Supporters say they are not discouraged by the idea that the bill's modest ambitions are a symptom of a Congress unable to tackle big problems.
"If I let myself get down to this analysis of the Senate and progress, I wouldn't want to get up in the morning," said Sen. Lisa Murkowski (R-Alaska), the ranking member of the Energy Committee and a leading proponent of Shaheen-Portman. "I'm looking at it from a glass-half-full [perspective]. We've got a bill that is ready to go and has good bipartisan support. ... Let's move it. Let's demonstrate that we can legislate in the energy sphere."
In conversations with reporters in recent weeks, Energy and Natural Resources Chairman Ron Wyden (D-Ore.) has portrayed the bill as the heir to Congress' last successful energy law, the Energy Independence and Security Act.
"The last energy bill that was on the floor of the United States Senate was 2007. That was before a whole host of dramatic developments in the energy field, including the huge ... expansion in renewables, the natural gas revolution," Wyden said earlier this month.
Shaheen-Portman doesn't come close to addressing all of the developments in the energy world over the last six years. But maybe it doesn't have to.
"Not to speak for him, but I think he would say, this is just a start," Portman said of his conversations with the energy chairman. "That's what he tells me. He wants this to be a template for how we move forward."
Several senators said last week that a likely second act to Shaheen-Portman could be a pair of bills to promote hydropower that overwhelmingly passed the House earlier this year (E&E Daily, July 11). Wyden has also said he is interested in pursuing legislation aimed at fully harnessing the natural gas boom and has spoken often about his desire to provide parity in the treatment of various energy sources through the tax code in the context of comprehensive reform.
"My hope is that we move forward on the energy efficiency and we will see other energy bills follow," Murkowski told E&E Daily last week.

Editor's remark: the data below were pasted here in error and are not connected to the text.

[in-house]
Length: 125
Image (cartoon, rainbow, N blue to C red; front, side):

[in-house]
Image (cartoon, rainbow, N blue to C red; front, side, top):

Whether potential momentum on energy legislation translates into a renewed climate bill push remains unlikely.
An environmentalist lobbying on behalf of the bill, who was granted anonymity to speak freely, acknowledged that Shaheen-Portman's ambitions were relatively narrow compared to what was needed to confront climate change but said that it was perhaps the best that could be hoped for out of a sharply divided Congress.
Besides, this source said, greens can take some relief from President Obama's recently outlined plan to implement new regulations addressing the issue, on which he "has some room to run, based on the law."
The World Resources Institute, a climate-focused think tank, last week published a brief analysis examining how much the bill would aid progress toward the goal of reducing greenhouse gas emissions 17 percent by 2020.
The analysis pointed to a scenario modeled by the Energy Information Administration finding that aggressive efficiency measures in the residential, commercial and industrial sectors -- those targeted by Shaheen-Portman -- could get the United States about halfway to that goal. However, the bill "is not likely to achieve" as many emissions reductions because many of its programs are voluntary.
Rep. Henry Waxman (D-Calif.), who sponsored the cap-and-trade bill that passed the House in 2009 before withering in the Senate the following year, was blunt in his assessment of the broader implications of the efficiency push.
"Comprehensive energy policy is something the Congress is not capable of doing at the moment," he said in a recent interview, placing the blame at the feet of House Republicans who question climate science. "In the meantime, the administration is acting ... that will help a lot. And if the Congress can do some modest things like greater efficiency, that will help, too."